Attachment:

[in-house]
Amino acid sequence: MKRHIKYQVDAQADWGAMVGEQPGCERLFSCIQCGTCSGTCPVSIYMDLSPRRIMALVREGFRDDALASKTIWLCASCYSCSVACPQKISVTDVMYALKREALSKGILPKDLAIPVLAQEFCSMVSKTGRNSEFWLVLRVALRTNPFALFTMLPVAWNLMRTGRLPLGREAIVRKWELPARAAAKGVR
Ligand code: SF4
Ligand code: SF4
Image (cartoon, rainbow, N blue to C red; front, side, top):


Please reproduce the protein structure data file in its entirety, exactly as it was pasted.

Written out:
[in-house]
Amino acid sequence: MKRHIKYQVDAQADWGAMVGEQPGCERLFSCIQCGTCSGTCPVSIYMDLSPRRIMALVREGFRDDALASKTIWLCASCYSCSVACPQKISVTDVMYALKREALSKGILPKDLAIPVLAQEFCSMVSKTGRNSEFWLVLRVALRTNPFALFTMLPVAWNLMRTGRLPLGREAIVRKWELPARAAAKGVR
Ligand code: SF4
Ligand code: SF4
Image (cartoon, rainbow, N blue to C red; front, side, top):